Saussure, Ferdinand de


Saussure, Ferdinand de
born Nov. 26, 1857, Geneva, Switz.
died Feb. 22, 1913, Geneva

Swiss linguist.

Though his only written work appeared while he was still a university student, Saussure became very influential as a teacher, principally at the University of Geneva (1901–13). Two of his students reconstructed lecture notes and other materials as Course in General Linguistics (1916), often considered the starting point of 20th-century linguistics. He saw language as a structured system that may be approached both as it exists at a particular time and as it changes over time, and he formalized principles and methods of study for each approach. His concepts may be regarded as the beginning of structuralism.

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▪ Swiss linguist
born Nov. 26, 1857, Geneva, Switz.
died Feb. 22, 1913, Geneva
 Swiss linguist whose ideas on structure (structuralism) in language laid the foundation for much of the approach to and progress of the linguistic (linguistics) sciences in the 20th century.

      While still a student, Saussure established his reputation with a brilliant contribution to comparative linguistics, Mémoire sur le système primitif des voyelles dans les langues indo-européennes (1879; “Memoir on the Original System of Vowels in the Indo-European Languages”). In it he explained how the knottiest of vowel alternations in Indo-European, those of a, take place. Though he wrote no other book, he was enormously influential as a teacher, serving as instructor at the École des Hautes Études (“School of Advanced Studies”) in Paris from 1881 to 1891 and as professor of Indo-European linguistics and Sanskrit (1901–13) and of general linguistics (1907–13) at the University of Geneva. His name is affixed, however, to the Cours de linguistique générale (1916; Course in General Linguistics), a reconstruction of his lecture notes and other materials by two of his students, Charles Bally and Albert Séchehaye. The publication of his work is frequently considered the starting point of 20th-century linguistics.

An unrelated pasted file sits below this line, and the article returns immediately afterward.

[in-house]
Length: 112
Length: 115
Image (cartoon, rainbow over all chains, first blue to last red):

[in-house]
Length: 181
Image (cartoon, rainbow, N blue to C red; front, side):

Saussure contended that language must be considered as a social phenomenon, a structured system that can be viewed synchronically (as it exists at any particular time) and diachronically (as it changes in the course of time). He thus formalized the basic approaches to language study and asserted that the principles and methodology of each approach are distinct and mutually exclusive. He also introduced two terms that have become common currency in linguistics—“parole,” or the speech of the individual person, and “langue,” or a systematic, structured language, such as English, existing at a given time within a given society. His distinctions proved to be mainsprings to productive linguistic research and can be regarded as starting points on the avenue of linguistics known as structuralism.

Additional Reading
Jonathan Culler, Ferdinand de Saussure, rev. ed. (1986); and Françoise Gadet, Saussure and Contemporary Culture (1989), explore the linguist's theory and emphasize its importance in semantics.

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Universalium. 2010.